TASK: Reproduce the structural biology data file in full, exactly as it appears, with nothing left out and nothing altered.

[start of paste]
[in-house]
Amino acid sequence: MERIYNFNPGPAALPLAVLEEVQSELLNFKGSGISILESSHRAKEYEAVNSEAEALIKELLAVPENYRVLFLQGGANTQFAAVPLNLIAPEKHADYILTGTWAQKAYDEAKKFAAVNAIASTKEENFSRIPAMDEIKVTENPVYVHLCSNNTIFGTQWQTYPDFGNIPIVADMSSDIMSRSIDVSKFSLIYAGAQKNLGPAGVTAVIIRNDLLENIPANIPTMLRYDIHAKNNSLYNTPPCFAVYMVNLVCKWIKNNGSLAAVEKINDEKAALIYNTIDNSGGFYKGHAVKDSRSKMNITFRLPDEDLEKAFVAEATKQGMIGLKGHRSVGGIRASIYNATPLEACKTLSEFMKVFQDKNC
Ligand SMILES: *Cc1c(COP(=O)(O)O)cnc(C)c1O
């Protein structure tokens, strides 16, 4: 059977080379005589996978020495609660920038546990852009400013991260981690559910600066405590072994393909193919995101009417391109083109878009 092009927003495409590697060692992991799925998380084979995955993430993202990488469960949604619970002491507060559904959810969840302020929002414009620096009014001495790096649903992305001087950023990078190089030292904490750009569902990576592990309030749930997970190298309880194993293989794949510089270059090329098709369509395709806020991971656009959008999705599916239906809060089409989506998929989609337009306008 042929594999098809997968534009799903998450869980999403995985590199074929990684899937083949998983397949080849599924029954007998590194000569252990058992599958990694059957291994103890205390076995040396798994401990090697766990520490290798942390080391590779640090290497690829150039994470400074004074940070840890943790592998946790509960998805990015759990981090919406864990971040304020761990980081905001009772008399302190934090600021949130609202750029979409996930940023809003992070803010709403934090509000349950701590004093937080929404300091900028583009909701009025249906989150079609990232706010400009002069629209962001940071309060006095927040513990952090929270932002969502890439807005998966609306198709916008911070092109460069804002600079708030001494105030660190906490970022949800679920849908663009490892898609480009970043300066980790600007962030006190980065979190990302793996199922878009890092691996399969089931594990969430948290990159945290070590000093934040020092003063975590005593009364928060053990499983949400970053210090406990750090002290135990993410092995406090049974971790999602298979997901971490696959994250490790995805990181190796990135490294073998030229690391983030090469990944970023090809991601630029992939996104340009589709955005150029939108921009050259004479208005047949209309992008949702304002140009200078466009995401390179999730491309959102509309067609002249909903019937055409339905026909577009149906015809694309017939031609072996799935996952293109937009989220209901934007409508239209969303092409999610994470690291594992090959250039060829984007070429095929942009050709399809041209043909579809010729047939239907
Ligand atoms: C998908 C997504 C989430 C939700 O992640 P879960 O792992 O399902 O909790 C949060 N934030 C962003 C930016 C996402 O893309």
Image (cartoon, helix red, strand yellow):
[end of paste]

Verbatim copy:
[in-house]
Amino acid sequence: MERIYNFNPGPAALPLAVLEEVQSELLNFKGSGISILESSHRAKEYEAVNSEAEALIKELLAVPENYRVLFLQGGANTQFAAVPLNLIAPEKHADYILTGTWAQKAYDEAKKFAAVNAIASTKEENFSRIPAMDEIKVTENPVYVHLCSNNTIFGTQWQTYPDFGNIPIVADMSSDIMSRSIDVSKFSLIYAGAQKNLGPAGVTAVIIRNDLLENIPANIPTMLRYDIHAKNNSLYNTPPCFAVYMVNLVCKWIKNNGSLAAVEKINDEKAALIYNTIDNSGGFYKGHAVKDSRSKMNITFRLPDEDLEKAFVAEATKQGMIGLKGHRSVGGIRASIYNATPLEACKTLSEFMKVFQDKNC
Ligand SMILES: *Cc1c(COP(=O)(O)O)cnc(C)c1O
């Protein structure tokens, strides 16, 4: 059977080379005589996978020495609660920038546990852009400013991260981690559910600066405590072994393909193919995101009417391109083109878009 092009927003495409590697060692992991799925998380084979995955993430993202990488469960949604619970002491507060559904959810969840302020929002414009620096009014001495790096649903992305001087950023990078190089030292904490750009569902990576592990309030749930997970190298309880194993293989794949510089270059090329098709369509395709806020991971656009959008999705599916239906809060089409989506998929989609337009306008 042929594999098809997968534009799903998450869980999403995985590199074929990684899937083949998983397949080849599924029954007998590194000569252990058992599958990694059957291994103890205390076995040396798994401990090697766990520490290798942390080391590779640090290497690829150039994470400074004074940070840890943790592998946790509960998805990015759990981090919406864990971040304020761990980081905001009772008399302190934090600021949130609202750029979409996930940023809003992070803010709403934090509000349950701590004093937080929404300091900028583009909701009025249906989150079609990232706010400009002069629209962001940071309060006095927040513990952090929270932002969502890439807005998966609306198709916008911070092109460069804002600079708030001494105030660190906490970022949800679920849908663009490892898609480009970043300066980790600007962030006190980065979190990302793996199922878009890092691996399969089931594990969430948290990159945290070590000093934040020092003063975590005593009364928060053990499983949400970053210090406990750090002290135990993410092995406090049974971790999602298979997901971490696959994250490790995805990181190796990135490294073998030229690391983030090469990944970023090809991601630029992939996104340009589709955005150029939108921009050259004479208005047949209309992008949702304002140009200078466009995401390179999730491309959102509309067609002249909903019937055409339905026909577009149906015809694309017939031609072996799935996952293109937009989220209901934007409508239209969303092409999610994470690291594992090959250039060829984007070429095929942009050709399809041209043909579809010729047939239907
Ligand atoms: C998908 C997504 C989430 C939700 O992640 P879960 O792992 O399902 O909790 C949060 N934030 C962003 C930016 C996402 O893309």
Image (cartoon, helix red, strand yellow):